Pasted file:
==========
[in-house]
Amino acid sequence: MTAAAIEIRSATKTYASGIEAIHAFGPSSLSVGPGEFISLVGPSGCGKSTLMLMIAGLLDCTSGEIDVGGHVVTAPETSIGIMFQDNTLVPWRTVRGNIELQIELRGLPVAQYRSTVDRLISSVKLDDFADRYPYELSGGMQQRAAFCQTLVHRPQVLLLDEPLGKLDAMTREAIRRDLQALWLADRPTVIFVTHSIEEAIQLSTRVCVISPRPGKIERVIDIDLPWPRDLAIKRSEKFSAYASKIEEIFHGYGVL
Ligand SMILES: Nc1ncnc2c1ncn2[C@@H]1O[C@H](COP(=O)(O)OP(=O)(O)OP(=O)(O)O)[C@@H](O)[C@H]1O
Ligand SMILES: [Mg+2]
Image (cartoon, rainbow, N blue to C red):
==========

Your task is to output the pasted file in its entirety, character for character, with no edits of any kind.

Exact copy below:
[in-house]
Amino acid sequence: MTAAAIEIRSATKTYASGIEAIHAFGPSSLSVGPGEFISLVGPSGCGKSTLMLMIAGLLDCTSGEIDVGGHVVTAPETSIGIMFQDNTLVPWRTVRGNIELQIELRGLPVAQYRSTVDRLISSVKLDDFADRYPYELSGGMQQRAAFCQTLVHRPQVLLLDEPLGKLDAMTREAIRRDLQALWLADRPTVIFVTHSIEEAIQLSTRVCVISPRPGKIERVIDIDLPWPRDLAIKRSEKFSAYASKIEEIFHGYGVL
Ligand SMILES: Nc1ncnc2c1ncn2[C@@H]1O[C@H](COP(=O)(O)OP(=O)(O)OP(=O)(O)O)[C@@H](O)[C@H]1O
Ligand SMILES: [Mg+2]
Image (cartoon, rainbow, N blue to C red):